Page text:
Scurvy Dog, 1718 Westminster St., Providence

I hadn’t been to the Scurvy Dog before I started doing research for this story, but I could tell from the name (!!) and the location (next to a highway) that it was going to be a winner. Owner Jami Wolloff described the place as your neighborhood punk bar. It was all of that and more. The soundtrack was heavy on the drums and guitar, the lighting heavy on the red and black. The bartender demurred when I asked if he thought this was a dive bar; they have working toilets, after all, plus a good beer list and several high-quality scotches. As the definition of dive bar has evolved, though, it has come to land squarely on just such a place: cool and unpretentious but welcoming and fun. Oh, and a pool table. A pool table helps your dive bar cred a lot.


Ocean Mist, 895 Matunuck Beach Road, South Kingstown

I was at the beach in South Kingstown recently interviewing a couple locals for a story about shore access when I mentioned my next assignment for the day: my dive bar tour. I asked for recommendations for South County. The Ocean Mist, they agreed. If I had any doubts, one of them told me, I should just check out the bathroom. Which, when I eventually got there, looked like it had been constructed out of leftover props from a low-budget movie about escaping from Alcatraz. It’s the sort of bathroom that the plumber Richard Trethewey from This Old House takes one look at and goes: Ohh they don’t make it like THAT anymore! But the bar itself: What a view of the water. What a lively crowd, some of them preposterously sunburned, all of them looking pleased to be standing in the cool breeze… the ocean mist, as it were. After my visit to examine the bathroom, I sidled up and got one of the last seats at the bar. It was 11:37 a.m. on a Sunday. I’m sure some people will say the Ocean Mist is now too popular, too well known, too recently spruced up to be a real dive bar. Which might be true. Or maybe you’re overthinking it and just need another Bloody Mary — after all, it’s 11:40 a.m. somewhere.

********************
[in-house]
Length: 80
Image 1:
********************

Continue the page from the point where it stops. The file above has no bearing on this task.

Edwin Hayslip, 83, of Central Falls, lines up a shot as Richard Aubin, left, 80, of Central Falls, and Norm Pruneau, right, 84, of North Providence, chat during a game of pool on the second floor of the Peddlers Inn in Pawtucket. The three friends try to get together every Thursday night at the Peddlers for pool.Matthew Healey for The Boston Globe

Peddlers Inn Pub, 94 Middle St., Pawtucket

This article is not a ranking, because there’s really no accounting for taste or tastelessness. But of the seven places on this list, Peddlers Inn Pub is the purest expression of the form of dive bar — and thus, my personal favorite. There is carpeting in the entrance, for crying out loud. The pool table upstairs is free, but beer on tap? They don’t have it. This is a beer-bottles-in-a-bucket type place. The types of people who come here don’t even drink Narragansett lager, owner Drew Brady told me. Some locals think that’s for tourists, I was informed — after I tried to order a Narragansett. (I live all the way in East Providence, so, fair.) Nevertheless, despite my initial faux pas, I had an absolute hoot of a time having about three conversations at once, losing at Keno, and listening to Brady talk about how much this place meant to him — like he was a steward of a communal asset. Which, of course, he is. If you’re looking for an authentic dive experience, cheap drinks, and some new friends, it is not to be missed.

Bartender Wendy Carr serves up a bucket of beers for guests inside the Peddlers Inn in Pawtucket.Matthew Healey for The Boston Globe

Brian Amaral can be reached at brian.amaral@globe.com. Follow him on Twitter @bamaral44.